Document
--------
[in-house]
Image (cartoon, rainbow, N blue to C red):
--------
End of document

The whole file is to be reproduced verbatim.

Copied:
[in-house]
Image (cartoon, rainbow, N blue to C red):